It sometimes seems as if London might have a finite pool of professional singers, with familiar faces cropping up in a variety of different ensembles. But the combination of conductor and a particular lineup of personnel can create striking differences.
The choir Sonoro (made up of 20 professional singers), conducted by Neil Ferris, has the explicit intention of creating a very particular sound quality. As might be expected from its name, Sonoro is designed to have a rather more sonorous sound quality with a greater use of vibrato.
“Passion and Polyphony” is Sonoro’s debut disc, on the Resonus Classics label. Under Ferris‘s direction, they perform a program of music by James MacMillan and Frank Martin, pairing Martin’s 1922 “Mass for Double Choir” with seven of MacMillan’s sacred pieces, including his large-scale “Miserere.”
It is an interesting, and perhaps surprising, pairing, yet it works because the two composers owe an inspiration to polyphony with each bringing his own distinctive twist to the mix.
The Martin “Mass” is given in a big, vibrant performance with some vividly created textures and tonal colorings. But that is not to say that subtlety is lacking, and the smaller-scale sections with just one or two voices create moments of beauty and calm. The use of such vibrant individual voices requires careful blending in the choir, and this Ferris does superbly while urging his singers to a passionate, sometimes almost operatic articulation of the music. But this contrasts finely with the intense feeling of control: These singers known when let go and when not to.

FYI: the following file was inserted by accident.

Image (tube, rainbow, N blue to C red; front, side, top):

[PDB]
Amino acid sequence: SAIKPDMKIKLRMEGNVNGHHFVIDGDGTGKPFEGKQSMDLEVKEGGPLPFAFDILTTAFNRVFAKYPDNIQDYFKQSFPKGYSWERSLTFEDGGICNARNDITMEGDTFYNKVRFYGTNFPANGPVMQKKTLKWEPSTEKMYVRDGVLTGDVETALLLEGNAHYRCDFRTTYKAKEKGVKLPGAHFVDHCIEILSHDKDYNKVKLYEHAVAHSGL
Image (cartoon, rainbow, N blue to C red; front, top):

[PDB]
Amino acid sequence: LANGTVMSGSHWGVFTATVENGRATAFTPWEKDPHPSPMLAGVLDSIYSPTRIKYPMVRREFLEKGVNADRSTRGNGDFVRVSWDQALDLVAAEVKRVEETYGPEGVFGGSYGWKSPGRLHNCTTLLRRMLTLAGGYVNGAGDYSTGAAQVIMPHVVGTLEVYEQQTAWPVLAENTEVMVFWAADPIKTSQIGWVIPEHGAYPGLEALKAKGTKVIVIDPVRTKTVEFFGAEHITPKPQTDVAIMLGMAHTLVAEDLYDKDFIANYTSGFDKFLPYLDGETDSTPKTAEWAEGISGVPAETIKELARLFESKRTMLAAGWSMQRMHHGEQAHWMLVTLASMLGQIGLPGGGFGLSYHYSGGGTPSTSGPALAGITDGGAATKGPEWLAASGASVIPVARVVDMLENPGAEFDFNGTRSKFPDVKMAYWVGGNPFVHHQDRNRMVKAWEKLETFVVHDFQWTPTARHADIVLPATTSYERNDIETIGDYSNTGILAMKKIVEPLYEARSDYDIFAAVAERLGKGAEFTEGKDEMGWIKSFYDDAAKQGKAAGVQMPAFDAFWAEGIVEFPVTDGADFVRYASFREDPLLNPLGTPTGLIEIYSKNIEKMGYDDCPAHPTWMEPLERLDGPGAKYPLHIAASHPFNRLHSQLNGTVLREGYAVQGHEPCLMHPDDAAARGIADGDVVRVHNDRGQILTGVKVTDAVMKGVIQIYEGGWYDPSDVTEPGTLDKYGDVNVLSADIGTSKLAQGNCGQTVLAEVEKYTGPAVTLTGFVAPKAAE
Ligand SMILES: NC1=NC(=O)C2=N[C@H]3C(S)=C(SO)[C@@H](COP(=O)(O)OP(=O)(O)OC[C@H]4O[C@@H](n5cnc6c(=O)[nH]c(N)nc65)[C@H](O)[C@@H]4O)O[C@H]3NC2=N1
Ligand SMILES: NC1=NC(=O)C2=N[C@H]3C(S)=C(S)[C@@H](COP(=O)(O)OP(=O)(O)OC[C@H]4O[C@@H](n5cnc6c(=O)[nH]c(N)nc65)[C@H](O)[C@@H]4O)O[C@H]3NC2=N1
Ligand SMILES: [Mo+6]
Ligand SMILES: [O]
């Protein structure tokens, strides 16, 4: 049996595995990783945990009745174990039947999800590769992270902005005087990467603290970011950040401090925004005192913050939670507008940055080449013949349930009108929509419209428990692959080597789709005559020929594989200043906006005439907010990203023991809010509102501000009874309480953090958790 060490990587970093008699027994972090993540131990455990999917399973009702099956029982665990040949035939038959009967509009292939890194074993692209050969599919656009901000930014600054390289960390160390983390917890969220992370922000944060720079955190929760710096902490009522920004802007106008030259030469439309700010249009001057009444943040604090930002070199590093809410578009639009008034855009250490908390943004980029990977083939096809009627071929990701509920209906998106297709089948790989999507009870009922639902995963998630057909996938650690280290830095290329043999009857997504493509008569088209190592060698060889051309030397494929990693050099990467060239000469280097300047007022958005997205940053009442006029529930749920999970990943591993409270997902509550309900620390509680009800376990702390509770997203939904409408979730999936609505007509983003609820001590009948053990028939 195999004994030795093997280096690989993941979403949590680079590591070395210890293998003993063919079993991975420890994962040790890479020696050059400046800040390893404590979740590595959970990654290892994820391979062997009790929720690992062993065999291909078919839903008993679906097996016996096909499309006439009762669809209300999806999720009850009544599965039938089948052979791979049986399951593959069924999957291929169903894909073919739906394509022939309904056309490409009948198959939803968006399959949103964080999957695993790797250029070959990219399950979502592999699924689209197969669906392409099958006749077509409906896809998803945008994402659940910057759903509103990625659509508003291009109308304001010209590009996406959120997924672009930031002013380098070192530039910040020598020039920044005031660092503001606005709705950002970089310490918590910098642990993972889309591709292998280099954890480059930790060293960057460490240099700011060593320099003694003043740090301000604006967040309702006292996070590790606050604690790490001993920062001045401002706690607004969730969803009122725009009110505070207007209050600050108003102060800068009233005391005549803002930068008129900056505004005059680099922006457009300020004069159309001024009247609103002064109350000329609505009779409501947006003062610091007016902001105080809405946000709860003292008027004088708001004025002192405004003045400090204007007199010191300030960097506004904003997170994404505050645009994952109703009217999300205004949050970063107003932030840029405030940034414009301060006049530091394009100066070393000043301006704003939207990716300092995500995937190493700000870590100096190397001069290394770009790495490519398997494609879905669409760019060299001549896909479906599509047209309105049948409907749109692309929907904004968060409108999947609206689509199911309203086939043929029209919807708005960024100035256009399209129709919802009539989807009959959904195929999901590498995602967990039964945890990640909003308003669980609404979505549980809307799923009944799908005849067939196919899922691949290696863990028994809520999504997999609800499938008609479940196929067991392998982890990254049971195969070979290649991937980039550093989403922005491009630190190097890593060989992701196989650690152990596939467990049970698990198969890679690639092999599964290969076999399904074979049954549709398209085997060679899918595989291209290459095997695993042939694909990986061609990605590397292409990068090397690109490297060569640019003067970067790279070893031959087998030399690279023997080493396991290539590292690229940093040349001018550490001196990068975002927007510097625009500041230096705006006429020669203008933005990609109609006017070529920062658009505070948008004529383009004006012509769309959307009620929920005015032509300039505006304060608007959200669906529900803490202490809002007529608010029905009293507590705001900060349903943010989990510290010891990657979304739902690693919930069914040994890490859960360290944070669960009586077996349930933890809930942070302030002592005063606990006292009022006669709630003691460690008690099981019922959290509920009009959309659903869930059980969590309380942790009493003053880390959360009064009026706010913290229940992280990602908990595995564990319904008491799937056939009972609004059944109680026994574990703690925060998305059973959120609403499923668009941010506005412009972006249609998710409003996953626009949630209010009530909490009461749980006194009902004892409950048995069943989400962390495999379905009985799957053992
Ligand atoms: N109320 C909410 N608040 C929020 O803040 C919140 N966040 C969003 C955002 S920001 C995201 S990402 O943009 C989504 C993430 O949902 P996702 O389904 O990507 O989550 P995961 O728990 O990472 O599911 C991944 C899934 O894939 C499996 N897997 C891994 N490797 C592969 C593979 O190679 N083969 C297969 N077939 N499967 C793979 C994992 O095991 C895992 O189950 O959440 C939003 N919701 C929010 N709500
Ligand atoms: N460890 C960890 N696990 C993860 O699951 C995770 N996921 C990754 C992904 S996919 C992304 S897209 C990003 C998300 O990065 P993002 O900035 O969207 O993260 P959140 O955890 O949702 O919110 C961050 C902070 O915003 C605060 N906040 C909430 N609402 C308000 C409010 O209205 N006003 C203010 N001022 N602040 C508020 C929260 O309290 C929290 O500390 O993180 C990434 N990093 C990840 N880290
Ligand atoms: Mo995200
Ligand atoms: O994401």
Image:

I enjoyed the performance but have to confess that I prefer a slightly cooler tone from the choir in this music, with a greater sense of line. Here, instead, were vibrant textures, thrilling climaxes, and ripely expressive tone.
The selection of music by James MacMillan includes two of the Strathclyde Motets, “Data est mihi omnis potestas” and the rightly popular “O Radiant Dawn,” plus one of MacMillan’s earliest works, “Hymn to the Blessed Sacrament,” with its beautiful interweaving of solo viola and oboe (Benjamin Roskams and Emily Pailthorpe).
The “Miserere” is built on another scale, lasting over 12 minutes, and MacMillan’s use of the voices creates a variety of different textures from full ensemble to small solo groups. Ferris and the choir bring these out well, creating a variety of colors and, as in the Martin work, ensuring that technique and style match the music.
This is an impressive debut from a choir that is deliberately designed to buck the trend, and base itself on a sound quality far removed from the traditional English cathedral and college sound.
Robert Hugill is a composer, lecturer, journalist, and classical music blogger. He runs the classical music blog Planet Hugill, writes for the Opera Today website, and Opera Today and Opera magazines. He lectures and gives pre-concert talks on opera and classical music in London. As a composer, his disc of songs “Quickening” was issued by Navona Records in 2017. This article is reprinted with permission from Planet Hugill.